Novel prime-boost immunization strategies are required to control the global Tuberculosis (TB) pandemic, which claims approximately 3 lives every minute. Here, we have generated an immunogenic complex against Mycobacterium tuberculosis (M.tb), consisting of promiscuous T cell epitopes (M.tb peptides) and TLR ligands assembled in liposomes. Interestingly, this complex (PTLs; peptide-TLR agonist-liposomes) induced significant activation of CD4+ T cells and IFNγ production in the PBMCs derived from PPD+ healthy individuals as compared to PPD- controls. Furthermore, intranasal delivery of PTLs significantly reduced the bacterial burden in the infected mice by inducing M.tb specific polyfunctional (IFNγ+IL17+TNFα+IL2+) immune responses and long-lasting central memory responses thereby reducing the risk of TB recurrence in DOTS treated infected animals. The transcriptome analysis of peptide-stimulated immune cells unveiled the molecular basis of enhanced protection. Furthermore, PTLs immunization significantly boosted the BCG-primed immune responses against TB. The greatly enhanced efficacy of BCG-PTLs vaccine model in controlling pulmonary TB projects PTLs as an adjunct vaccine against TB.
Santosh Kumar, Ashima Bhaskar, Gautam Patnaik, Chetan Sharma, Dhiraj K. Singh, Sandeep Kaushik, Shivam Chaturvedi, Gobardhan Das, Ved Prakash Dwivedi
Background: Mitochondrial DNA (MT-DNA) are intrinsically inflammatory nucleic acids released by damaged solid organs. Whether circulating cell-free MT-DNA quantitation could be used to predict the risk of poor COVID-19 outcomes remains undetermined. Methods: We measured circulating MT-DNA levels in prospectively collected, cell-free plasma samples from 97 subjects with COVID-19 at hospital presentation. Our primary outcome was mortality. ICU admission, intubation, vasopressor and renal replacement therapy requirements were secondary outcomes. Multivariate regression analysis determined whether MT-DNA levels were independent of other reported COVID-19 risk factors. Receiver operating characteristics and area under-the-curve assessment were used to compare MT-DNA levels to established and emerging inflammatory markers of COVID-19. Results: Circulating MT-DNA levels were highly elevated in patients who eventually died, required ICU admission, intubation, vasopressor use or renal replacement therapy. Multivariate regression revealed that high circulating MT-DNA is an independent risk factor for these outcomes after adjusting for age, sex, and comorbidities. We also found that circulating MT-DNA levels have a similar or superior area-under-the curve when compared against clinically-established measures of inflammation and emerging markers currently of interest as investigational targets for COVID-19 therapy. Conclusions: These results show that high circulating MT-DNA levels are a potential early indicator for poor COVID-19 outcomes. Funding: This project was supported by Washington University Institute of Clinical Translational Sciences COVID-19 Research Program. Sample procurement and patient outcome data collection was supported by the Washington University ICTS NIH grant UL1TR002345.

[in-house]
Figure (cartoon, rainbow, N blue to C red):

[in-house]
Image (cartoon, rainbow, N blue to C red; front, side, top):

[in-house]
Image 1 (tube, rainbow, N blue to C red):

Davide Scozzi, Marlene Cano, Lina Ma, Dequan Zhou, Ji Hong Zhu, Jane A. O’Halloran, Charles W. Goss, Adriana M. Rauseo, Zhiyi Liu, Sanjaya Kumar Sahu, Valentina Peritore, Monica Rocco, Alberto Ricci, Rachele Amodeo, Laura Aimati, Mohsen Ibrahim, Ramsey R. Hachem, Daniel Kreisel, Philip A. Mudd, Hrishikesh S. Kulkarni, Andrew E. Gelman
Somatostatin (SS) inhibits glucagon-like peptide-1 (GLP-1) secretion in a paracrine manner. We hypothesized that blocking somatostatin subtype receptor 2 (SSTR2) and 5 (SSTR5) would improve glycaemia by enhancing GLP-1 secretion. In the perfused mouse small intestine the selective SSTR5 antagonist (SSTR5a) stimulated glucose-induced GLP-1 secretion to a larger degree than the SSTR2 antagonist (SSTR2a). In parallel, mice lacking the SSTR5R showed increased glucose-induced GLP-1 secretion. Both antagonists improved glycaemia in vivo in a GLP-1 receptor (GLP-1R) dependent manner, as the glycaemic improvements were absent in mice with impaired GLP-1R signalling and in mice treated with a GLP-1R specific antagonist. SSTR5a had no direct effect on insulin secretion in the perfused pancreas whereas SSTR2a increased insulin secretion in a GLP-1R independent manner. Adding a dipeptidyl peptidase 4 inhibitor (DPP-4i) in vivo resulted in additive effects on glycaemia, however, when glucose was administered intraperitoneally the antagonists was incapable of lowering blood glucose. Oral administration of SSTR5a, but not SSTR2a lowered blood glucose in diet induced obese mice. In summary, we demonstrate that selective SSTR antagonists can improve glucose control primarily through the intestinal GLP-1 system in mice.
Sara L. Jepsen, Nicolai J. Wewer Albrechtsen, Johanne Agerlin Windeløv, Katrine D. Galsgaard, Jenna Elizabeth Hunt, Thomas B. Farb, Hannelouise Kissow, Jens Pedersen, Carolyn F. Deacon, Rainer E. Martin, Jens J. Holst